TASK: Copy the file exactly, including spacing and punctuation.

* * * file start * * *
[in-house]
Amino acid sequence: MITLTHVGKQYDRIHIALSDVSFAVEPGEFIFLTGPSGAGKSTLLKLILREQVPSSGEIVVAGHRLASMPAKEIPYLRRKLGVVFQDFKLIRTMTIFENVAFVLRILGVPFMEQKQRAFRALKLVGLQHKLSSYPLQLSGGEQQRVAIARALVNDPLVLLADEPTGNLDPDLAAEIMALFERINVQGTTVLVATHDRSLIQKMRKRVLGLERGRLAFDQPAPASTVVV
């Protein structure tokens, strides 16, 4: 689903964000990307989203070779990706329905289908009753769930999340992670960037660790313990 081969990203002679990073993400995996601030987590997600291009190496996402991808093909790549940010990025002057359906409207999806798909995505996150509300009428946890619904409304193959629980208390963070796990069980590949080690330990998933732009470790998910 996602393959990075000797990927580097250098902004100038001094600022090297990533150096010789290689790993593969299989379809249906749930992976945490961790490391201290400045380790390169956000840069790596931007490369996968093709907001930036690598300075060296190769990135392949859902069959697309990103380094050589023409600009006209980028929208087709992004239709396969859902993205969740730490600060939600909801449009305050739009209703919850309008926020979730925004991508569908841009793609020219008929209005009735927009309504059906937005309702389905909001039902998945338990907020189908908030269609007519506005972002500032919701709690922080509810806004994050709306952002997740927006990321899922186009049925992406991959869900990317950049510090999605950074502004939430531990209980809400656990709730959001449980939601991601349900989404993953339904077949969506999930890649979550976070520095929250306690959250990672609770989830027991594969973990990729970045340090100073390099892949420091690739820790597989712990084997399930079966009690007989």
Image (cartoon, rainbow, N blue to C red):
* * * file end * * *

[in-house]
Amino acid sequence: MITLTHVGKQYDRIHIALSDVSFAVEPGEFIFLTGPSGAGKSTLLKLILREQVPSSGEIVVAGHRLASMPAKEIPYLRRKLGVVFQDFKLIRTMTIFENVAFVLRILGVPFMEQKQRAFRALKLVGLQHKLSSYPLQLSGGEQQRVAIARALVNDPLVLLADEPTGNLDPDLAAEIMALFERINVQGTTVLVATHDRSLIQKMRKRVLGLERGRLAFDQPAPASTVVV
């Protein structure tokens, strides 16, 4: 689903964000990307989203070779990706329905289908009753769930999340992670960037660790313990 081969990203002679990073993400995996601030987590997600291009190496996402991808093909790549940010990025002057359906409207999806798909995505996150509300009428946890619904409304193959629980208390963070796990069980590949080690330990998933732009470790998910 996602393959990075000797990927580097250098902004100038001094600022090297990533150096010789290689790993593969299989379809249906749930992976945490961790490391201290400045380790390169956000840069790596931007490369996968093709907001930036690598300075060296190769990135392949859902069959697309990103380094050589023409600009006209980028929208087709992004239709396969859902993205969740730490600060939600909801449009305050739009209703919850309008926020979730925004991508569908841009793609020219008929209005009735927009309504059906937005309702389905909001039902998945338990907020189908908030269609007519506005972002500032919701709690922080509810806004994050709306952002997740927006990321899922186009049925992406991959869900990317950049510090999605950074502004939430531990209980809400656990709730959001449980939601991601349900989404993953339904077949969506999930890649979550976070520095929250306690959250990672609770989830027991594969973990990729970045340090100073390099892949420091690739820790597989712990084997399930079966009690007989």
Image (cartoon, rainbow, N blue to C red):